Experts In Vasectomy and Urological Treatments

Dr. Snoy is a general urologist. In addition to vasectomies he also treats:
• Bladder control
• Overactive bladder
• Bladder cancer
• Urinary incontinence
• Kidney stones
• Prostate disorders
• Prostate cancer
• Erectile dysfunction

Renal Mass Observation

Written by: Dr. Fredrick Snoy

For decades, solid renal masses have been considered to be kidney cancers, usually renal cell carcinomas, and have been treated by surgical removal. In the last 10 to 15 years we have gained a better knowledge of kidney cancers and renal tumors, including clearer ideas about the numbers of benign tumors (a small percent), tumor behavior and improved medical therapy for advanced renal tumors have become available.  This setting has allowed urologists to consider increased use of active surveillance or watchful waiting for smaller renal tumors.  The trick of course is to not intervene on tumors that are not likely to spread or metastasize, while to move ahead on kidney cancers that are bound to be problematic and have dangerous outcomes.

 
Unfortunately there are no clear guidelines to differentiate between kidney cancers that will behave nicely, perhaps remaining stable for years, and those that will grow and spread elsewhere.  Generally, active surveillance is reserved for tumors that are less than 3cm in size. Renal tumors larger than 4 cm are usually removed by most urologists. Other factors come into play such as the patient’s age, health status otherwise, potential for surgical intervention and overall life expectancy.  Longevity within the family is often part of the discussion as well as patient wishes and attitudes toward treatment.  Tumor related anxiety, is an important factor.  If one lies awake at night worried about the tumor, moving ahead with removal of the presumed kidney cancer may be the best course.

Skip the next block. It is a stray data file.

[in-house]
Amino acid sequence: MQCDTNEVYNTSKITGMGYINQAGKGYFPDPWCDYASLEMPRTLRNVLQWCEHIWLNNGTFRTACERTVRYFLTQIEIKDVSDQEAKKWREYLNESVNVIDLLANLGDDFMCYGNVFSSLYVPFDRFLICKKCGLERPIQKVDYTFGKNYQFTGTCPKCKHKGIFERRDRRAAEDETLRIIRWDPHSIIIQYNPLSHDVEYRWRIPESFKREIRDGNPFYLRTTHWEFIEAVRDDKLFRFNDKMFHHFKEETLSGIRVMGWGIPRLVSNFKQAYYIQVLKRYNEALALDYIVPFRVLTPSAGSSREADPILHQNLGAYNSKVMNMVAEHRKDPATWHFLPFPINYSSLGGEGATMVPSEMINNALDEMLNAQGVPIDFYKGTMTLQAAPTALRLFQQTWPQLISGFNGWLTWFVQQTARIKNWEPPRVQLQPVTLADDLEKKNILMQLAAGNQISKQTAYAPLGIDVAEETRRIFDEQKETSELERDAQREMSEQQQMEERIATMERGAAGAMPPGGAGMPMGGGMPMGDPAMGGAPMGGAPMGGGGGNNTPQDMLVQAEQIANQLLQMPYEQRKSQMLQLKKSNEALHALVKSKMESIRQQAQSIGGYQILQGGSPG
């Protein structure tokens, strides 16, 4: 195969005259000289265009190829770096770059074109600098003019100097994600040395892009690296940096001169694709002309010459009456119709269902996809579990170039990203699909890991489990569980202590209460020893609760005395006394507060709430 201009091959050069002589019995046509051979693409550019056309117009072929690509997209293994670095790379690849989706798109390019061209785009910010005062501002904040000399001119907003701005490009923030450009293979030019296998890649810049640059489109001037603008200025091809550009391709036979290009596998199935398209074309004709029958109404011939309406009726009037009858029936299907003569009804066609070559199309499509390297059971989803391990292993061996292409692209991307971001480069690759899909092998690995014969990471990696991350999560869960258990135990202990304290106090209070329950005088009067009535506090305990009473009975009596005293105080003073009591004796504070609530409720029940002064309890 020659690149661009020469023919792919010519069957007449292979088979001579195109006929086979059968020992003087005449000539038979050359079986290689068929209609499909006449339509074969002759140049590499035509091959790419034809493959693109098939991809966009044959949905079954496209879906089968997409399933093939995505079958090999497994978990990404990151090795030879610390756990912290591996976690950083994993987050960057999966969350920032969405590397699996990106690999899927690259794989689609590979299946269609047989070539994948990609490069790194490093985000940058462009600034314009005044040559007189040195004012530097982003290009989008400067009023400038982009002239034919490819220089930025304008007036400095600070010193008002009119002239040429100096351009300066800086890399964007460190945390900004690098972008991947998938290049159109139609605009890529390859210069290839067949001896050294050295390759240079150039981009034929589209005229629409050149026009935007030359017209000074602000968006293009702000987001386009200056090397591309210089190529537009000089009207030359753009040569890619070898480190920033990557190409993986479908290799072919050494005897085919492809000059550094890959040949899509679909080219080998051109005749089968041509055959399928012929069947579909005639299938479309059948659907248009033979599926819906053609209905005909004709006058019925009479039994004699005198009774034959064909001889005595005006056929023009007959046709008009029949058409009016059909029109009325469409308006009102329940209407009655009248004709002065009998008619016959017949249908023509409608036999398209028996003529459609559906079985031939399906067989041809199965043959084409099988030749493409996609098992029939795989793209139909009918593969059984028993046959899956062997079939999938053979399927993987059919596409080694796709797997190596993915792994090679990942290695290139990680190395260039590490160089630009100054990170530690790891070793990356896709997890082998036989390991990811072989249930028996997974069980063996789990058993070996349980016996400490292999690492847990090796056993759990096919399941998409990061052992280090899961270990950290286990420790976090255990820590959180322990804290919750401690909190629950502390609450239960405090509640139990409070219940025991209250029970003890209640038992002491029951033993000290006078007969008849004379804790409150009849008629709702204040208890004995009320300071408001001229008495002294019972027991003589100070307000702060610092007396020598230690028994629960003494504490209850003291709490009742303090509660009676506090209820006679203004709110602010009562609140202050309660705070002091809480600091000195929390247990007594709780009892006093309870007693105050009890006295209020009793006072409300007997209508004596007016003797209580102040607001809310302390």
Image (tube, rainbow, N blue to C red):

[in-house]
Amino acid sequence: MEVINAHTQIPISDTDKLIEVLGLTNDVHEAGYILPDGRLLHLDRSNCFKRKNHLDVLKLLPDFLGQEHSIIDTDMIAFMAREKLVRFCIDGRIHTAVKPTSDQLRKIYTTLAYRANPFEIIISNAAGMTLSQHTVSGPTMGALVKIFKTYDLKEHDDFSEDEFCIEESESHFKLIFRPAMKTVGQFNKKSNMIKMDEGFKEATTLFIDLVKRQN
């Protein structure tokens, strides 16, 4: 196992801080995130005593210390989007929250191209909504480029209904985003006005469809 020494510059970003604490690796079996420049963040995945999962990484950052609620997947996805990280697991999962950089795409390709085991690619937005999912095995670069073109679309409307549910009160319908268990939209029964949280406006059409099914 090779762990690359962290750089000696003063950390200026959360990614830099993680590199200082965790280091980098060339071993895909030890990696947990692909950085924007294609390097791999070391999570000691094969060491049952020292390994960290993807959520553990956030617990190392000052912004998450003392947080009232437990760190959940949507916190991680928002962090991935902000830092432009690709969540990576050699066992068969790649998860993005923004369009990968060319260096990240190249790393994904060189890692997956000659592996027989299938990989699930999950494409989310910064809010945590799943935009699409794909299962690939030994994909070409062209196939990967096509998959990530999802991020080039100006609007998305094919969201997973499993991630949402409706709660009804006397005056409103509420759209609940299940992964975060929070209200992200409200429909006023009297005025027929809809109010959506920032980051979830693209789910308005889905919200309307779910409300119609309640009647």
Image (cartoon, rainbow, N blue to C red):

Research including biopsy and development of genetic testing and tumor markers  for kidney cancers may in the future help doctors to more accurately predict which renal tumors will be bad actors and which will not. These studies are ongoing. Fortunately many of these smaller kidney tumors can be addressed by methods other than standard surgery.  Cryoablation (freezing treatments) and radioablation (heating treatments) can often kill the kidney cancer by methods much less invasive that nephrectomy (kidney removal) or (partial nephrectomy) removal of the tumor and minimal benign tissue around it.  These approaches my sway a patient’s decision more in favor of intervention than active surveillance.  Tumor location is an important factor in using some of these minimally invasive surgery or approaches or partial nephrectomy.  Tumors at the edges of the kidney maybe much more accessible, while central kidney cancers, may not be approachable by these methods.

 

 
If you would like to discuss these options, review of scans and a discussion of these issues can be had by scheduling a consultation appointment. Please call (505) 872-4091, for further information.